Student examples

Minuet in F

The past 6 weeks were a joyful adventure for me.

I'm glad you have decided to make this course and I hope you will make a second part in the future :)

-Jakub Niemyjski

2 - Jakub - Minuet_in_F.pdf

Minuet in F

Here is the homework assignment for Lesson 6. I started with the Minuet, as I’m more familiar with the form and have played various beginner level minuets. I’m not 100% satisfied with my attempt, but I’m not sure how to improve it either.

Thank you for creating such a wonderfully creative and challenging course. I never thought I’d be able to write any type of music, but this course has gotten me to improvise a little during my normal practice sessions, and if I like something I’ve come up with, I try to write it down.

-Jen Spohn

4 - 1 - Jen - Minuet in F major.pdf

Minuet in Eb

So here is a new Minuet. I hope is modulated correctly.

-Tim Denson

01 Tim Minuet.jpg

Minuet in C

I could not come up with a really catchy title for my piece (although I did think of a few cheeky/silly ones such as "If it ain't Baroque, don't fix it" and "Bach in the Saddle Again" (sorry J.S.)), so it's just plain old "Minuet in C".

After working thru this minuet I can see how the structure is almost a mathematical form. It was like putting together a puzzle or solving a sudoku with all the "rules" for cadences, modulation, and baroque-style baseline.

Anyway, here is my submission. I have learned so much over the past 6 weeks, and I am continually amazed at the creativity and talent of the other students who have shared their work.

-Charles Frost

5 - Charles - Minuet in C.pdf

Gaussian Sarabande

Here is my attempt at composing a Baroque piece in a dance style. I choose to do Sarabande, and I "layered" it with a Gaussian Distribution (you might be more familiar with the bell curve, or normal distribution). I wired the distribution in my composition, "Gaussian Sarabande" by assemling the notes in each bar that resemble the expected bell curve shape (it some cases it is bimodal - this is where I tried modulating the melody).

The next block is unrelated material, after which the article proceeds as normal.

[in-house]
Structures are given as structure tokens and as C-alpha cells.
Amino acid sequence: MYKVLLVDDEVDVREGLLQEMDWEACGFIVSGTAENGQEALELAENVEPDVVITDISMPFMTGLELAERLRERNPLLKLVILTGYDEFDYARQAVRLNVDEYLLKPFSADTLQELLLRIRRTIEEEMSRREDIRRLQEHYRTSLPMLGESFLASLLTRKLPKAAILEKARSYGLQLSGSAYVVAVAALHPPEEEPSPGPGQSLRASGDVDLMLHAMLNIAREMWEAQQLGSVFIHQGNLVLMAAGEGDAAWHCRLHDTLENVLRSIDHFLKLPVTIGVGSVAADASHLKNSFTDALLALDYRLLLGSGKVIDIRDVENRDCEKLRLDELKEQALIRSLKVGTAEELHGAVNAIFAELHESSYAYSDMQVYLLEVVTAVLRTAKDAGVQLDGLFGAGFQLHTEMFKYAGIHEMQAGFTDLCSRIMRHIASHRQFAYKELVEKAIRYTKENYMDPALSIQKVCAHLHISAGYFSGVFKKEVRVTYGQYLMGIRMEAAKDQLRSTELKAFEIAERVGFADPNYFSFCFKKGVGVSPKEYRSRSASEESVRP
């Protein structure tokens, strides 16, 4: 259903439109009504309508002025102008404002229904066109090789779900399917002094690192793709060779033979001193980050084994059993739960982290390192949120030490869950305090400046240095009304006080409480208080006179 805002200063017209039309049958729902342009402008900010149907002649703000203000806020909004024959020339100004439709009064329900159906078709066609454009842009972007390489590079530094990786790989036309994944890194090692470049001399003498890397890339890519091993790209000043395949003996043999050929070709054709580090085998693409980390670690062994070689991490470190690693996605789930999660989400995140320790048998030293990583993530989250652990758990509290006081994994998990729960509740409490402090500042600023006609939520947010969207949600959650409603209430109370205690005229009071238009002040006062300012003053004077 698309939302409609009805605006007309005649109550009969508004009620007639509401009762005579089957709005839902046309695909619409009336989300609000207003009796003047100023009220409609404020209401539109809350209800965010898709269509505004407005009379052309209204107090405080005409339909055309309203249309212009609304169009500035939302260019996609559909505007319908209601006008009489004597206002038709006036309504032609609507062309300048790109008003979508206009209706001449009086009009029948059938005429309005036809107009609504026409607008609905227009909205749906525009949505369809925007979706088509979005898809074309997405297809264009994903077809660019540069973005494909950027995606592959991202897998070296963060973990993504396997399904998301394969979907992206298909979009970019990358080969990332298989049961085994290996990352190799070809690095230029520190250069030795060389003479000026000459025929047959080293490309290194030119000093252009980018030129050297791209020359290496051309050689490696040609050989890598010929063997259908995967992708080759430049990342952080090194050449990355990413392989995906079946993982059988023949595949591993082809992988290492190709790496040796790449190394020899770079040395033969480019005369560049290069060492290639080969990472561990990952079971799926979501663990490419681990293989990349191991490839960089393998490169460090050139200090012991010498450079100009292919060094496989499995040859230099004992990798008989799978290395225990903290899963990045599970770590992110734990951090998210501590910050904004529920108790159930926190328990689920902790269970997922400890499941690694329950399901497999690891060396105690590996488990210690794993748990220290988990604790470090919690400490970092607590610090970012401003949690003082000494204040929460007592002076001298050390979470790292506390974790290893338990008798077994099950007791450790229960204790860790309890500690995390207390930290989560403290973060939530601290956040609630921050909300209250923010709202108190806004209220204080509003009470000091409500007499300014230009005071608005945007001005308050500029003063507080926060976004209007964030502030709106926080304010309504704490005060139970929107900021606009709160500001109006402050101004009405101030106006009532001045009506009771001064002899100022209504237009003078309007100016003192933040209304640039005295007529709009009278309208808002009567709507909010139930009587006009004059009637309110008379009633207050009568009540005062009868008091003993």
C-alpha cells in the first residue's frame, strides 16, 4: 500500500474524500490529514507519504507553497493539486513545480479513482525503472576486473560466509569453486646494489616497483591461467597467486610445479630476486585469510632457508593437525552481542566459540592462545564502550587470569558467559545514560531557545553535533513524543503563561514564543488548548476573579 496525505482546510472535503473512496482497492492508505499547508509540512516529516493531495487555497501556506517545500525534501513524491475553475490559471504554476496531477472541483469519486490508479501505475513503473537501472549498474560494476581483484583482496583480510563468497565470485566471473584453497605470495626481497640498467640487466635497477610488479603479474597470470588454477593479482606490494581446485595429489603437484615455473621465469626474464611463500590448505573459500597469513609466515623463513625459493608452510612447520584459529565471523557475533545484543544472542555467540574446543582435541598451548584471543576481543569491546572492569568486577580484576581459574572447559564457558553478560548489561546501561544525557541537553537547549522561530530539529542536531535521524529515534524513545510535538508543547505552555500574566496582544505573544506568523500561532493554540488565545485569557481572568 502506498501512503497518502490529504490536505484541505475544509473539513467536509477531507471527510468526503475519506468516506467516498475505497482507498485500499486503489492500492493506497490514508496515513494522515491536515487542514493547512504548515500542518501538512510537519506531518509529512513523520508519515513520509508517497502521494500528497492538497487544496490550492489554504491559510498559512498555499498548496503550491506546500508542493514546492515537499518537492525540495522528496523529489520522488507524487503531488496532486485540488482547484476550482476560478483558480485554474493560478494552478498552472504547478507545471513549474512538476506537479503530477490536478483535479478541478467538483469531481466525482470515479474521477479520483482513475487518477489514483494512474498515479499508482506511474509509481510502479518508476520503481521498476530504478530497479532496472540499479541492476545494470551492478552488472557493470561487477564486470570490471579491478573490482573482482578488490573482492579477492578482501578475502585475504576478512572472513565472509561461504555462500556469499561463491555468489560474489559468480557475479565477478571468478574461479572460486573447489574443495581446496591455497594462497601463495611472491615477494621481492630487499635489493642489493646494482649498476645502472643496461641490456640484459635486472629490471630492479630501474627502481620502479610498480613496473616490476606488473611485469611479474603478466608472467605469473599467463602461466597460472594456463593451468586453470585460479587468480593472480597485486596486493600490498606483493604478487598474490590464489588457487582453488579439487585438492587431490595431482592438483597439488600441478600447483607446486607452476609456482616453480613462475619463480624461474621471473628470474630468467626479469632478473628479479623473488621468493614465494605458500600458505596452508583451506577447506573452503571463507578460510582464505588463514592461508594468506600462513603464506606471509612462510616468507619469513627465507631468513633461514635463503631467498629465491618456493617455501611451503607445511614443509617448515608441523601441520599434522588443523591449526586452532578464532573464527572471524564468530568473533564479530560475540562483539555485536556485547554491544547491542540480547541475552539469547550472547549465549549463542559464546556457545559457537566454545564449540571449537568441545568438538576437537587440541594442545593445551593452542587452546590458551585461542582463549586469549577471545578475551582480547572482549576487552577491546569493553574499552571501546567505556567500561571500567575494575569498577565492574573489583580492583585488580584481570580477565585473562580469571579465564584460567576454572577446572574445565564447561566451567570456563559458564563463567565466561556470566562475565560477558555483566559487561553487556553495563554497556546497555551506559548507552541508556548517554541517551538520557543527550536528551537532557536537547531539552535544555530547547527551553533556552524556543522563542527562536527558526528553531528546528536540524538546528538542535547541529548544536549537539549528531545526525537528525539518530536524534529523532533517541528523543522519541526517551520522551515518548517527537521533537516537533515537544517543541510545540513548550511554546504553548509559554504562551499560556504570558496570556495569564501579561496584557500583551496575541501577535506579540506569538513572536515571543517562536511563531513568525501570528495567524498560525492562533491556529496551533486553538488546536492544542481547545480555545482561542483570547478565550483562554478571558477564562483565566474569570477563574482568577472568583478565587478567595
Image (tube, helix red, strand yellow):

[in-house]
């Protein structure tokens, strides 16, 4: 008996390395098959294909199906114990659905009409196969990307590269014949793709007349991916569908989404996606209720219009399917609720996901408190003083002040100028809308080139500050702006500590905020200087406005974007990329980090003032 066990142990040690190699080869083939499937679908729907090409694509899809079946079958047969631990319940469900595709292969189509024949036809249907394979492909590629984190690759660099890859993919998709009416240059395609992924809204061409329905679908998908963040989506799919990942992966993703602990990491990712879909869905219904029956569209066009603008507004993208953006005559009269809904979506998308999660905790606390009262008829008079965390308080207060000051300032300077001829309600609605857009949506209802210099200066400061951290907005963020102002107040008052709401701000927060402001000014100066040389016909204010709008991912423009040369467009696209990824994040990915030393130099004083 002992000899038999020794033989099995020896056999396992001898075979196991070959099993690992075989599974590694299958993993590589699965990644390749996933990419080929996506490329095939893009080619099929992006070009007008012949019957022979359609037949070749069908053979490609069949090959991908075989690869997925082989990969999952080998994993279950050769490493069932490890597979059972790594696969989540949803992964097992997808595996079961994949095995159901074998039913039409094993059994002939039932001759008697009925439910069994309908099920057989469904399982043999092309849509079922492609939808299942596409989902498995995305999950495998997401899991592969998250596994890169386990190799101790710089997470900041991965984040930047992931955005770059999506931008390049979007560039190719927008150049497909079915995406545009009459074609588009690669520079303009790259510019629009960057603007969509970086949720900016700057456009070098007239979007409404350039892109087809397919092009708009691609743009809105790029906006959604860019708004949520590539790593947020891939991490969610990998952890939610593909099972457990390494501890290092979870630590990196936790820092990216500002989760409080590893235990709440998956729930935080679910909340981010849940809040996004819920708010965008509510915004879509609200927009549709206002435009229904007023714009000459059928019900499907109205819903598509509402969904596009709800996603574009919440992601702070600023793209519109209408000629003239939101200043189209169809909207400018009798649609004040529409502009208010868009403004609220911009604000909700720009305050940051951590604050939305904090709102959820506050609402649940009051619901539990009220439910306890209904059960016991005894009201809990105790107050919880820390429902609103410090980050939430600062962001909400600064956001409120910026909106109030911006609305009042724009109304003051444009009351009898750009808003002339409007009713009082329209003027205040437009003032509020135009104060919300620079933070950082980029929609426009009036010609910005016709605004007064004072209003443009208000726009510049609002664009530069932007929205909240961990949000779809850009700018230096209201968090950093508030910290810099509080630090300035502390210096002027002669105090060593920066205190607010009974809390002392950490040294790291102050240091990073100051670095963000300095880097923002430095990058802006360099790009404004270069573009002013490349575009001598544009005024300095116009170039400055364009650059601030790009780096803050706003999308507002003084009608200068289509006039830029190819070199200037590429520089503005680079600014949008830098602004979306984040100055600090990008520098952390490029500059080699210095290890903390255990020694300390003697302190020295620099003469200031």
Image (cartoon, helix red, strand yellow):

I don't think I fully grasped the modulation yet. My compostion is in Dmajor, so I was expecting to modulate it in Amajor which would add G# to the play. However, my melody was not going in that direction, so I let it be :)

Instead, I tossed the melody back and forth between the right and left hand. It resulted in a dialog - a conversation between two entities :) (thus a subtitle "Dance of the bell curves").


Audiofile: 3 - Snejana - Gaussian_Sarabande.mid

3 - Snejana - Gaussian_Sarabande.pdf


I chose a courante for my baroque dance composition. After listening to a few of the other dances the courante, especially Handel and Bach's courantes, stuck with me the most. Obviously a few bars in i realised how much of a challenge it was, especially after choosing to write it in minor. Melodic minor seems to over complicate cadences and modulation. 

Also, in the Handel and Back courantes there is a lot of polyphony and the left hand seems to do as much as the right (i obviously gave up any chance of playing this fairly early on!!). I really enjoyed the challenge though and went down a bit of a counterpoint rabbit hole. Trying to get all the notes to sit right was like a puzzle. Fix one and you break another - loads of fun!  

Anyway hope you like it and thanks so much for a great course. I've only just started learning music theory but having this course to push me to write has me hooked. Would definitely be interested in more of the same!

-Kevin O'Brien

9 - Kevin - Courante_KevinOBrien.pdf

Minuet in C - Vicki Lamplough

03 Vicki Minuet_in_C_musescore.pdf
Minuet_in_C_corrected for Allysia.pdf
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